That Elon Musk, entering Twitter headquarters as its new owner, brought a porcelain sink and waved it around was—typically of the man—surprising, charming, and ultimately puzzling. "Entering Twitter HQ – let that sink in!" he tweeted, chuckling at his own hilarity. “Everything but the bathroom sink,” if that was the idea, wasn't quite hilarious enough to make sense. What it did do, however, was “trivialize” the event: it constituted a little bit of whimsy to counter the bizarre solemn panic with which Musk's acquisition has been greeted.
Shonda Rhymes Tweeted "Bye," omitting "cruel world." The philosophy professor Jason Stanley decided not to quit, but said "I am going to be *much more careful* about what I say now that @elonmusk is in charge." I'd be surprised if there's a mass exodus, and I'd be surprised if Jason Stanley stays *much more careful* for long. Whatever this is, it's no emergency.
It seems clear to many that Musk has a right-wing agenda that’s now going to infiltrate Twitter and, through Twitter, the world. But it's hard not to see that the panic is hyperbolic and speculative. Chill and see what happens, is my advice. We can afford to because Twitter isn’t a necessity. Alternative means of communication are available.
Greg Sargent's approach in The Washington Post is typical of the hypothetical hyperbole, and alleged trauma, that Musk's hijinks engender. It's obvious to Sargent, as to many others, that if Musk's Twitter relaxes content moderation, then white nationalist hate speech, QAnon-type conspiracy theories, and provocations to violence of the sort that saw Paul Pelosi attacked with a hammer the other day, will increase. Words have consequences, after all, and there must be accountability.
I wonder whether this theory has any empirical basis, or whether any of its advocates are willing to put it to empirical test. I think that it’s already being shown to be bogus, even as it continues to provide justification for silencing people. So, between 2016 and 2021, Twitter, Facebook, and the other large social media platforms radically increased content moderation. By 2021, Facebook was spending billions and devoting tens of thousands of employees to such matters.
There is far, far less hate speech and conspiracy-mongering on Twitter now than there was 10 years ago. It’s far more regulated. Post or re-tweet something anti-Semitic, as Kanye has been known to do, and they’re very likely to pull you down quickly and suspend you. Praise the January 6 rioters, or declare the 2020 election was stolen, and you're not long for the platform. If you’re spouting QAnon, you’ll very likely get pulled down and suspended from, let's say, any of the top seven social media sites.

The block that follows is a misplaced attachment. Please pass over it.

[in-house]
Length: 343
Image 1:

If circulation on social media were the driving force in spreading conspiracy theories, as everyone appears to agree, then we’dexpect that radically curtailing their expression on Facebook, Twitter, and Instagram would reduce their popularity. For many or most commentators, "the internet" is a sufficient explanation for the false beliefs and the perverse opposition of people on the other side.
Sargent's argument for—what?—nationalizing social media platforms is a sheer tissue of speculations and fallacies. Here he's quoting Georgia State communication professor Mia Bloom: “'A Twitter that decreases content moderation and does not clamp down on disinformation and propaganda could advance Russian aims in Ukraine,' Bloom told me, noting that it could also aid other rising authoritarian movements. If Twitter permits more violent content, Bloom says, it could whip up violence against ethnic and religious minorities around the world and facilitate other persecution, such as the campaign China is carrying out against the Uyghur Muslims."
Now, if you think these are substantive reasons to regulate, seize, or close Twitter, I think you should read that again. The argument, winding through “expert” mumbo-jumbo, is that Musk's acquisition of Twitter could eventually exacerbate the Chinese government's oppression of Uyghurs. I think if people like Sargent weren't working each other up into a hallucinatory tizzy, they'd see that they really aren't making any sense. But any argument, no matter how weak, is evidently a good enough argument for crushing Twitter.
One thing that happened during the Trump era is that the left came to think that the key to the future was constraining the communication of their opponents. The desirability of removing people such as the president of the United States, or the psych prof Jordan Peterson, from social media, went from being controversial to allegedly obvious. Permit me to wonder if the limits-on-communication consensus has actually improved things. And permit me to wonder whether the Twitter censors and social-media panickers care about that, or only about insulating their little shell-like ears from bad words.
Meanwhile, Musk is likely to be playing around with some pretty interesting ideas. Maybe users could more or less specify the level of insult and the sorts of disagreement they can tolerate. Perhaps pairs or groups of people can engage in Twitter battles, either for their own edification, or for spectators. Or maybe Twitter won’t look that much different a year from now.
—Follow Crispin Sartwell on Twitter: @CrispinSartwell